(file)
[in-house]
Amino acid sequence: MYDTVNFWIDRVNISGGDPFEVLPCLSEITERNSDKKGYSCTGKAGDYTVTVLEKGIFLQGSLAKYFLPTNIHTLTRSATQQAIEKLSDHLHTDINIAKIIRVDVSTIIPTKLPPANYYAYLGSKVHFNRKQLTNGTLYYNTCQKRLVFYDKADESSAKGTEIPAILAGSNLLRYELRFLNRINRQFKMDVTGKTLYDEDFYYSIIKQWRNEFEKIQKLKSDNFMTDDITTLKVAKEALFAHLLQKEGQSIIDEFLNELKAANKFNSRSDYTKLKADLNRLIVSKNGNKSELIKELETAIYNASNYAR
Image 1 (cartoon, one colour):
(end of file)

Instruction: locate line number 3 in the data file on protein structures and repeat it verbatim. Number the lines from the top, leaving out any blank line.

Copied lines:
Image 1 (cartoon, one colour):